His Excellency General Salva Kiir Mayardit, first vice president of Sudan and president of the Government of Southern Sudan, met with international leaders, including President Barack Obama, on the sidelines of the United Nations General Assembly in New York last week about Sudan’s highly anticipated referenda scheduled for January 2011. In advance of the U.N. meetings, Kiir spoke at the United States Institute of Peace on September 20.

His Excellency General Salva Kiir Mayardit, first vice president of Sudan, met with international leaders, including President Barack Obama, on the sidelines of the United Nations General Assembly in New York last week about Sudan’s highly anticipated referenda scheduled for January 2011.

In advance of the U.N. meetings, Kiir, the first vice president of Sudan and president of the Government of Southern Sudan, spoke at the United States Institute of Peace on September 20.

In January, a referendum vote will determine whether Northern and Southern Sudan will remain united. On the same day, citizens of the Abyei region will vote whether to retain their special status in Northern Sudan or become part of Bahr el Ghazal State in Southern Sudan. The 2005 Comprehensive Peace Agreement (CPA) ended the North-South civil war, and was meant to develop democratic governance countrywide and help Northern and Southern Sudan to share oil revenues. It also set a timetable for when Southern Sudan could vote on its status, thereby preventing the possibility of postponing the referendum.

“The U.S. and the international community must signal that no delay will be tolerated,” said Kiir, who expressed hope that any unresolved issues can be addressed in the first six-months after the referenda if not sooner.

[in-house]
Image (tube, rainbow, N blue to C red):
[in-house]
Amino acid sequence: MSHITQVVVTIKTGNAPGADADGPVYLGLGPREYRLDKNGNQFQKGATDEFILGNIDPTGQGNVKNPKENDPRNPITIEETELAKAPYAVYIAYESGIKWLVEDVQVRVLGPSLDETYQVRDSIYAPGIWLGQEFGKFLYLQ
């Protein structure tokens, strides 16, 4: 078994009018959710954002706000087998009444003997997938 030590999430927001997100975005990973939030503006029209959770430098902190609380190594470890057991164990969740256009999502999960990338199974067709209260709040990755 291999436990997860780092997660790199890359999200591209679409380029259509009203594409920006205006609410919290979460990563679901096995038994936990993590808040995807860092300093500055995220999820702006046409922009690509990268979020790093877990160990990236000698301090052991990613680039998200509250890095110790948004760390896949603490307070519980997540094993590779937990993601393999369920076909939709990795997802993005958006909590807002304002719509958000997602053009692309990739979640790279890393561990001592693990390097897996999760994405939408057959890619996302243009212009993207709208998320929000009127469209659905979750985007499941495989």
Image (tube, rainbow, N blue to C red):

Kiir discussed current relations between Northern and Southern Sudan, including implementation of the CPA, preparations for the referenda, and the role of the international community in the referenda process. USIP President Richard H. Solomon introduced Kiir, and USIP’s Jon Temin moderated the question and answer session.

“General Kiir’s visit to the U.S. comes at a pivotal time in Sudan’s history with the two referenda scheduled for January and a growing concern about slow preparations for those important events,” Temin said. “General Kiir came to Washington to talk with senior U.S. government officials about the important U.S. role in these processes; those U.S. officials are also meeting with important northern leaders.”

Temin co-authored the Peace Brief “Scenarios for Sudan's Future, Revisited,” which outlines the possibilities of “productively engaging the opposition (armed and unarmed), incorporating marginalized ethnic and tribal groups into power structures, decentralizing authority, more equitably sharing resources, and refraining from supporting armed opposition against rivals are important principles for both parties to adhere to in any recipe for peace and stability.” Temin also wrote the Peace Brief “Negotiating Sudan's Post-Referendum Arrangements” in January 2010, which looked at the referenda and how the international community could best prepare for the post-referendum process in advance.

Kiir said it is important for the international community to continue to keep their eyes on Sudan, as Sudan faces some tough events in the next year. He said President Barack Obama’s agreement to attend the U.N. meeting on Sudan is significant to the international community as well. The international community continues to critique and affirm what is being in Sudan in the move toward the referenda.